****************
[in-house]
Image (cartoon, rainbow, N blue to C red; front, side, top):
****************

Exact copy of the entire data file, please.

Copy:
[in-house]
Image (cartoon, rainbow, N blue to C red; front, side, top):